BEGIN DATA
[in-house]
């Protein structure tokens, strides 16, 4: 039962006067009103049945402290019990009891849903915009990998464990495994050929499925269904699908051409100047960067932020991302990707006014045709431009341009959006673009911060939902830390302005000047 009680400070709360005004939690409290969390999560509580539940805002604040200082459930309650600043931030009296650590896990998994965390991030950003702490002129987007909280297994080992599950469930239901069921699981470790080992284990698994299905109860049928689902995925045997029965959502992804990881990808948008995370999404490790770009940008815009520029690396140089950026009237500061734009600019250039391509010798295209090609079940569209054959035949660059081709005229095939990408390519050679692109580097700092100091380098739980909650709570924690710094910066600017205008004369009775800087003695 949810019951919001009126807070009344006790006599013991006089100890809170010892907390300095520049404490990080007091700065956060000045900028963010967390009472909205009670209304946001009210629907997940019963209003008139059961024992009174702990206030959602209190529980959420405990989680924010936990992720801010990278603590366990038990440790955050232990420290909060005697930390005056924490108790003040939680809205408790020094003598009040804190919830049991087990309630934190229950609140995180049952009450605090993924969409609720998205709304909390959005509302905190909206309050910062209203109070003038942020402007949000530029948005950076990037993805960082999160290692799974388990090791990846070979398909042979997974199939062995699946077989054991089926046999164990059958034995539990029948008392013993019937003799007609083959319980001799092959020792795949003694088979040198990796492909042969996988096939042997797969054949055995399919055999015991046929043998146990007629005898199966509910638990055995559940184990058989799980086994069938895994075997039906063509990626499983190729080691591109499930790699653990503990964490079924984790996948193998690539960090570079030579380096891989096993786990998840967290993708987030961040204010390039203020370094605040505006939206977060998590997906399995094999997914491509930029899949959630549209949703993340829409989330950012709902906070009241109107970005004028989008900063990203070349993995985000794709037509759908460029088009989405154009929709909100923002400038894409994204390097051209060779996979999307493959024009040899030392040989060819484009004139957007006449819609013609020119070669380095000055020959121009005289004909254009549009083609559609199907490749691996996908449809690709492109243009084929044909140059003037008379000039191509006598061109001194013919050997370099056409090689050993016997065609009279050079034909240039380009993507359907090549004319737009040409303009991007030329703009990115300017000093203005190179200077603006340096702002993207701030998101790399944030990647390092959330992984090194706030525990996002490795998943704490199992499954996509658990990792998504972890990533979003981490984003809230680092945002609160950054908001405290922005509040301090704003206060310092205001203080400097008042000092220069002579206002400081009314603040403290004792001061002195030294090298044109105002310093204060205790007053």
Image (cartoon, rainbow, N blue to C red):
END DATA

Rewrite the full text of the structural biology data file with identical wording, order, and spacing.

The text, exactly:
[in-house]
């Protein structure tokens, strides 16, 4: 039962006067009103049945402290019990009891849903915009990998464990495994050929499925269904699908051409100047960067932020991302990707006014045709431009341009959006673009911060939902830390302005000047 009680400070709360005004939690409290969390999560509580539940805002604040200082459930309650600043931030009296650590896990998994965390991030950003702490002129987007909280297994080992599950469930239901069921699981470790080992284990698994299905109860049928689902995925045997029965959502992804990881990808948008995370999404490790770009940008815009520029690396140089950026009237500061734009600019250039391509010798295209090609079940569209054959035949660059081709005229095939990408390519050679692109580097700092100091380098739980909650709570924690710094910066600017205008004369009775800087003695 949810019951919001009126807070009344006790006599013991006089100890809170010892907390300095520049404490990080007091700065956060000045900028963010967390009472909205009670209304946001009210629907997940019963209003008139059961024992009174702990206030959602209190529980959420405990989680924010936990992720801010990278603590366990038990440790955050232990420290909060005697930390005056924490108790003040939680809205408790020094003598009040804190919830049991087990309630934190229950609140995180049952009450605090993924969409609720998205709304909390959005509302905190909206309050910062209203109070003038942020402007949000530029948005950076990037993805960082999160290692799974388990090791990846070979398909042979997974199939062995699946077989054991089926046999164990059958034995539990029948008392013993019937003799007609083959319980001799092959020792795949003694088979040198990796492909042969996988096939042997797969054949055995399919055999015991046929043998146990007629005898199966509910638990055995559940184990058989799980086994069938895994075997039906063509990626499983190729080691591109499930790699653990503990964490079924984790996948193998690539960090570079030579380096891989096993786990998840967290993708987030961040204010390039203020370094605040505006939206977060998590997906399995094999997914491509930029899949959630549209949703993340829409989330950012709902906070009241109107970005004028989008900063990203070349993995985000794709037509759908460029088009989405154009929709909100923002400038894409994204390097051209060779996979999307493959024009040899030392040989060819484009004139957007006449819609013609020119070669380095000055020959121009005289004909254009549009083609559609199907490749691996996908449809690709492109243009084929044909140059003037008379000039191509006598061109001194013919050997370099056409090689050993016997065609009279050079034909240039380009993507359907090549004319737009040409303009991007030329703009990115300017000093203005190179200077603006340096702002993207701030998101790399944030990647390092959330992984090194706030525990996002490795998943704490199992499954996509658990990792998504972890990533979003981490984003809230680092945002609160950054908001405290922005509040301090704003206060310092205001203080400097008042000092220069002579206002400081009314603040403290004792001061002195030294090298044109105002310093204060205790007053």
Image (cartoon, rainbow, N blue to C red):